From: Vadim Ogranovich (firstname.lastname@example.org)
Date: Mon 03 May 2004 - 07:26:45 EST
> From: Prof Brian Ripley [mailto:email@example.com]
> Sent: Saturday, May 01, 2004 11:44 PM
> You will be telling us next you think the default nmax=-1
> means to read a negative number of lines!
No, I won't. Your extrapolation is inaccurate.
> ... So reading no
> lines would mean not calling scan at all, and what would be
> the point of that?
It would mean skipping the number of lines specified in the skip
argument thus advancing the read point on the connection to where I want
it to be. I guess you wouldn't argue that seek(con, where) has no
> nmax <= 0 and nlines <= 0 are ignored.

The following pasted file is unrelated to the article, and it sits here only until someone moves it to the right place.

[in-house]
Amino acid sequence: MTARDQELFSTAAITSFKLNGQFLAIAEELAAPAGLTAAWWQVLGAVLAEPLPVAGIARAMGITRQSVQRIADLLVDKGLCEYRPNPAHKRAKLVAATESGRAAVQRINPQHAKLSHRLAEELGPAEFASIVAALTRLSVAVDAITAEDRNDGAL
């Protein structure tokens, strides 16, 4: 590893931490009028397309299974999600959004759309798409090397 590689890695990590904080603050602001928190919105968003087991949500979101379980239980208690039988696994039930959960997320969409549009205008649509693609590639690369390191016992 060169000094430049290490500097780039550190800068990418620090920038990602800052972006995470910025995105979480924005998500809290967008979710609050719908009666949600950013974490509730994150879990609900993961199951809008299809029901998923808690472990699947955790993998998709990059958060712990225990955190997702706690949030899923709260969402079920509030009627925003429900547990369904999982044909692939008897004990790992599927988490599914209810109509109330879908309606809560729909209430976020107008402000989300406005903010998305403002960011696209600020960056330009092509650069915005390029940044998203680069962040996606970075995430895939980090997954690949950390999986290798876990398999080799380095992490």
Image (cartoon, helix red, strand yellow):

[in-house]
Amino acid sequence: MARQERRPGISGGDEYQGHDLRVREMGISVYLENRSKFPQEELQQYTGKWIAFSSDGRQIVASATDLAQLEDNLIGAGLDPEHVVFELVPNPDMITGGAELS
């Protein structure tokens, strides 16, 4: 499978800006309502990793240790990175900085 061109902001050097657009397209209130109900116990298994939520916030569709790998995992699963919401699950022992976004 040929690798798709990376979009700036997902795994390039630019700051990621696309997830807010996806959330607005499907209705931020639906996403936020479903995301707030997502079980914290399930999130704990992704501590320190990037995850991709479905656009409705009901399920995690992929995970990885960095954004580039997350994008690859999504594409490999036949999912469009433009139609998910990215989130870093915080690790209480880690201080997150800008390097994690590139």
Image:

> Note carefully what nmax actually means, and it is not what `nlines'
I had noted that. If one reads no "data value" one reads no line, so the
two should have the same effect in the case at hand.
> Do read the documentation for scan, too, please.
I had. For your convenience this is what it says about nmax.
nmax: the maximum number of data values to be read, or if 'what' is
a list, the maximum number of records to be read. If omitted
(and 'nlines' is not set to a positive value), 'scan' will
read to the end of 'file'.
It is hard to see from the text that nmax=0 is ignored since "omitted"
means leaving it set to -1.
BTW, the paragraph regarding 'nlines' doesn't mention that nlines=0 is a
special case either.
nlines: the maximum number of lines of data to be read.
> Note that to read *lines* you do need to read every byte on
> the file to
> find the EOL marker(s) so readLines() or scan() with NULL in
> "what" are as
> good as anything. You can use them in blocks of lines, in a loop.
This is a very nice trick indeed! Just what I've been looking for.
Thank you very much,
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